Fast forward to last night. Right before bed I'm still reading The Anthologist and I come across some references to Thomas Wyatt's poem They Flee from Me. Now it's vital to this little scenario that you know and understand that I am not a great reader of poetry. I'm not even a mediocre reader of it. In fact, sometimes I avoid poetry because it leaves me feeling inadequate. I know some of the names, but I haven't read the poems much and, although I should be so very ashamed, I am not. While some of you people were reading poems and getting degrees in English, I was reading and quickly forgetting a mess of French literature and poetry.
For someone who sees symmetry and symbols behind every bookcase and cloud, I simply do not "get" poetry. I try. I really do. But it's beyond my reach mostly.
So anyway - I'm reading and there's this line:
They flee from me that sometime did me seek
And then I read a few more pages and Baker writes about meeting with another local poet who wants to start a reading series in Portsmouth. I think he means New Hampshire. Let's not go all crazy with details, okay?
Finally, MathMan finishes his Paretsky book and turns off his lamp. I take this as a signal that he's ready for sleep and since he's the one with the job and has to be up at 6:30 a.m., I follow suit. We choose an Inspector Lewis for our evening's entertainment and what do you know? A little while in and someone is quoting Thomas Wyatt.
They flee from me that sometime did me seek
"Hey! I just read that line in this book!" I woke MathMan up to impress him with my poetry cred. He's a real trooper, that one. When he wakes me up with his mathy eureka moments, I'm not nearly as enthusiastic. I mean, he opened one eye and gave me a half smile, mumbled something and fell right back to sleep.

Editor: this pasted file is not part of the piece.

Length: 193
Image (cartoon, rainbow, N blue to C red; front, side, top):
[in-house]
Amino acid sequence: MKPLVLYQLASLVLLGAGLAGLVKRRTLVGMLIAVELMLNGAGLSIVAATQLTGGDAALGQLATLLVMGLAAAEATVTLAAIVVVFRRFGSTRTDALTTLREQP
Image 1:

I felt like a scholar. For thirty whole seconds I felt like I could fit in over there in Oxford. England.
To add credence to my need to find meaning in nothing, when I opened up Firefox this morning, my statcounter was in the saved tabs. And what do you know? There was an ISP from Portsmouth, New Hampshire at 8:16 a.m. "I wonder if it's Baker's poet/housepainter acquaintance Victor?" I asked the cat who had jumped up on my lap for our morning snog. She just shrugged. She's the least opinionated of all our cats.
I decided I'd better read the entire Wyatt poem and see if I could make sense of it. Maybe there I would find out why exactly the universe seemed to be pointing me toward it. (I know, that's a funny notion for a nonbeliever.) I googled the poem and clicked the link to poetryonline.org. And what? What? There's a sidebar ad for the World's Best Cat Litter! A rebate for the entire amount of one bag! And I was just talking to Chloe the other day about wanting to try that flushable litter!
"Look, Ivy! There's the answer! That's why everything transpired to get me to look up this poem at this very moment!" I pointed toward the screen flashing the ad.
Ivy gave the ad a passing glance then looked up into my face. Her green-grey marble eyes looked so sad. "You seek something from nothing to fill the void, you silly woman. You attach meaning to the abstract and random because you fear that you will die before you ever truly understand."
"Understand what?" I cried . "Understand what?"
She just yawned, her turkey and liver pate breath hitting my nostrils like the snap of a wet towel. I printed out the rebate while I read aloud the Wyatt poem twice.
*Quote by MathMan, Mathematician, Pedagogue, Philosopher and Book Critic: "Man, that Sara Paretstky sure can write a melee."